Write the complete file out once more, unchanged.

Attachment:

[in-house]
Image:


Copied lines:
[in-house]
Image: